Also, use rewrite
to
rewrite an expression replacing diff
with D
:
diff(f(x, x), x) = rewrite(diff(f(x, x), x), D)
You can extend diff
to your own special functions.
To do so, embed your function, f
, into a function environment, g
,
and implement the behavior of diff
for this function
as the "diff"
slot of
the function environment.
If a subexpression of the form g(..)
occurs
in an expression f
, then diff(f, x)
calls g::diff(g(..),
x)
to determine the derivative of the subexpression g(..)
.
This example demonstrates extending diff
to
the exponential function. Since the function environment exp
already has a "diff"
slot,
call the new function environment Exp
to avoid
overwriting the existing system function exp
.
Here, the "diff"
slot implements the chain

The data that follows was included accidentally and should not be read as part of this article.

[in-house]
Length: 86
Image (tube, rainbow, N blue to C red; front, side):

rule for the exponential function. The derivative is the product of
the original function call and the derivative of the argument:
Exp := funcenv(Exp): Exp::diff := proc(f, x) begin // f = Exp(something), i.e., something = op(f, 1) f*diff(op(f, 1), x): end_proc: diff(Exp(x^2), x)
The report created by prog::trace
shows
one call to Exp::diff
with two arguments. Instead
of calling Exp::diff
twice, the system reads the
required result of the second call from an internal cache for intermediate
results in diff
:
prog::trace(Exp::diff): diff(Exp(x^2), x, x)
enter Exp::diff(Exp(x^2), x) computed 2*x*Exp(x^2)
prog::untrace(Exp::diff): delete f, Exp:

An arithmetical
expression or a polynomial of type 

Indeterminates: identifiers or indexed identifiers 
f